Everyone loves to talk about how Minecraft, the popular computer game where players build structures out of blocks, is educational. Indeed, the hype isn’t limited to people who make Pinterest boards, use Minecraft in the classroom, or writers who argue that the game teaches spatial reasoning, reading, computer programming and/or system administration. The parents I run into on a regular basis have also jumped on the bandwagon. Those conversations usually go something like this:
Parent: Do your kids play Minecraft?
Me: A little.
Parent: I hear it's educational.
When a parent says, "I hear it's educational," I imagine they are actually thinking, "I hear it’s a video game that I can let my kid play and not feel guilty." Okay, maybe some of them truly believe that their kids might learn something. But, as a popular Reddit user’s comment holds, "Minecraft has about as much inherent educational value as an overhead projector." In other words, Minecraft is not intrinsically educational. What is educational is having a passion.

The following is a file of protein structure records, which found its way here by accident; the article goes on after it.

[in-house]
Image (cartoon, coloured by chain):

When people talk about what their kids have learned from Minecraft, my observation is that it's almost never something a child has learned directly from the program; no one ever brags about how many monsters their child fought off, and people rarely gush about the types of structures their kid has built. Instead, they talk about everything Minecraft has inspired their kids to do. They read, they research, they problem solve—activities with real educational value.